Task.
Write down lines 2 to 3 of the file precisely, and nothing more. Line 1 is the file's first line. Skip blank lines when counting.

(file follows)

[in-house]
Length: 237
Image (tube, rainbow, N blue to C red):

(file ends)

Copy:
Length: 237
Image (tube, rainbow, N blue to C red):